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Ian Bayley on the path to becoming a mastermind

Dr. Ian Bayley (not Bailey, as I am loath to forget) is, to use the clichéd phrase, a man of many talents. A quiz champion at a national and international level, a lecturer in Computer Science, and a key figure in Oxford geek society, I think it is fair to regard him as a modern-day polymath, though he would be far too modest to admit it. When I talked to Ian, it became clear that this penchant for learning (philomathy) is something that started at a young age, as did his competitive streak:

‘I first became good at History when I became convinced that my friends doing History for GCSE knew way more than I did, so I got a big book out of the family library to compensate [but] clearly I overcompensated’. Though those friends have been replaced by other quizzers, this dedication still serves him well in the acquisition of knowledge, with encyclopaedias doing their part alongside experience of past quizzes. Anything remaining unfamiliar leads to every student’s favourite source — Wikipedia. Students using Wikipedia is also something Ian would probably recognise in his role as a lecturer in Computer Science at Oxford Brookes University. Education has also been important in allowing Ian to take on the concepts that remain elusive as it gives him the ‘confidence that anything can be explained and therefore anything can be understood.’  Embodying this principle, he is working his way through scientific concepts that are, as he puts it, ‘rather hair-raising in their difficulty’.

A quiz champion at a national and international level, a lecturer in Computer Science, and a key figure in Oxford geek society, I think it is fair to regard him as a modern-day polymath.

‘I first became good at History when I became convinced that my friends doing History for GCSE knew way more than I did, so I got a big book out of the family library to compensate [but] clearly I overcompensated’. Though those friends have been replaced by other quizzers, this dedication still serves him well in the acquisition of knowledge, with encyclopaedias doing their part alongside experience of past quizzes. Anything remaining unfamiliar leads to every student’s favourite source — Wikipedia. Students using Wikipedia is also something Ian would probably recognise in his role as a lecturer in Computer Science at Oxford Brookes University. Education has also been important in allowing Ian to take on the concepts that remain elusive as it gives him the ‘confidence that anything can be explained and therefore anything can be understood.’  Embodying this principle, he is working his way through scientific concepts that are, as he puts it, ‘rather hair-raising in their difficulty’.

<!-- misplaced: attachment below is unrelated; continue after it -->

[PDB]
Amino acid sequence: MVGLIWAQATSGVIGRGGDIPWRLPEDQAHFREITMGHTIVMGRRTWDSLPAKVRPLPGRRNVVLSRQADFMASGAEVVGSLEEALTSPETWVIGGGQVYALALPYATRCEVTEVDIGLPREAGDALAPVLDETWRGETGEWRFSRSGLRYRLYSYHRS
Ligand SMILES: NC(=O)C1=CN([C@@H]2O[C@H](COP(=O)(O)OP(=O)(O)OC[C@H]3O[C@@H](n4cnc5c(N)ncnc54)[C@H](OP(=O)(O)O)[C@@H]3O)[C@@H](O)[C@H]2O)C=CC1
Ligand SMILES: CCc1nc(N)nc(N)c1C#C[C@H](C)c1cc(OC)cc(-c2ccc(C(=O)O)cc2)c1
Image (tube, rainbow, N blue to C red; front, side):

For someone clearly so passionate about the accumulation and dissemination of information, I was intrigued as to what drew him into quizzes in the first place. To my surprise, curiosity, rather than any grand plan, seemed to be a key factor. As an undergraduate at Imperial College London, he auditioned for University Challenge, though his reasons for doing so are unclear, even to himself. While he didn’t make it onto the team, it was this rejection that proved formative. Watching the team during their first round, he felt that he could have made a difference to their performance. ‘I think I became hooked when I managed to convince myself wrongly I could make sure I knew the answer to everything that was going to come up’ he says, and his passion for quizzing has developed from there. This led to victories in the British Championships in 2001 (singles), 2006 and 2011 (as a pair), and awards at the European level from 2004-2009, 2011, and 2014-2017. The late noughties and early 2010s also brought quizzes on TV and radio, with appearances on Only Connect and Brain of Britain. Bayley won both. Returns to these programmes have been fruitful, becoming ‘Champion of Champions’ in the former and ‘Brain of Brains’ in the latter.